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By Matt Kibbe
Independent voices from the The Washington Times Communities
Topic - Gore Vidal
Although he had medical problems throughout his life, President John F. Kennedy was an avid sportsman who always projected an image of vigor.
Joseph Epstein may be the dean of contemporary essayists. In some 22 books -- none of them featuring car chases or bedroom scenes -- he has philosophized on subjects as diverse as divorce, Fred Astaire, gossip and "Fabulous Small Jews."
George Orwell said the real objective of socialism was not happiness but human brotherhood, which explains why so many socialists are unhappy. Their objective is unachievable as well as undesirable. Who, after all, wants to live in a world of seven billion siblings?
For a man who built his career on word economy, the title is pretty darned long — the National Book Foundation's Medal for Distinguished Contribution to American Letters.
For a man who built his career on word economy, the title is pretty darned long _ The National Book Foundation's Medal for Distinguished Contribution to American Letters.
Broadway theaters will dim their marquee lights on Friday night in memory of Gore Vidal and the cast of his play "The Best Man" will dedicate the next week of performances to the late author and playwright.
Gore Vidal, the author, playwright, politician and commentator whose novels, essays, plays and opinions were stamped by his immodest wit and unconventional wisdom, died Tuesday, his nephew said.
In a world more to his liking, Gore Vidal might have been president, or even king. He had an aristocrat's bearing _ tall, handsome and composed _ and an authoritative baritone ideal for summoning an aide or courtier.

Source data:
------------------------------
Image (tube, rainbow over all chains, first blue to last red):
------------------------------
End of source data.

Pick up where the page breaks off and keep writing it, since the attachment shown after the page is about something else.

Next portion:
Broadway theaters will dim their marquee lights on Friday night in memory of Gore Vidal and the cast of his play "The Best Man" will dedicate the next week of performances to the author and playwright.
In a world more to his liking, Gore Vidal might have been president, or even king. He had an aristocrat's bearing — tall, handsome and composed — and an authoritative baritone ideal for summoning an aide or courtier.
Gore Vidal seemed able not only to do anything, but to do it all at the same time. In the early 1960s, you might catch him on a television talk show, read an essay of his in The Nation about Norman Mailer, see "The Best Man" on Broadway or watch him campaign for Congress with Eleanor Roosevelt at his side.
Barney Rosset was a publisher, not an author, and struggled for decades to write the story of his brave and wild life. But few over the past 60 years had so profound an impact on the way we read today.
Cancer weakened but did not soften Christopher Hitchens. He did not repent or forgive or ask for pity. As if granted diplomatic immunity, his mind's eye looked plainly upon the attack and counterattack of disease and treatments that robbed him of his hair, his stamina, his speaking voice and eventually his life.
Christopher Hitchens, a D.C.-based author, essayist and polemicist who waged verbal and occasional physical battle on behalf of causes left and right, died Thursday night at M.D. Anderson Cancer Center in Houston of pneumonia, a complication of his esophageal cancer, according to a statement from Vanity Fair magazine. He was 62.
Last weekend, I was given a hint as to how an erroneous idea is born and how it takes on a life of its own. I was at Yale University, as a guest of "The William F. Buckley Jr. Program at Yale." It is run by a group of extremely winning young Yale students who are all admirably conservative. Bill would approve. They all carried themselves like young ladies and young gentlemen. They were confident of their ideas and amused. One of their goals is to keep the name of William F. Buckley Jr. alive and a thorn in the side of Yale's smug liberal establishment.
In a long essay Vidal wrote about the Adams political dynasty, he praised John Adams, John Quincy Adams and their descendants for setting "themselves intellectual and moral standards that no one could live up to."
"The empire was 71 years old and had been in ill health since 1968," he wrote. "Like most modern empires, ours rested not so much on military prowess as on economic primacy."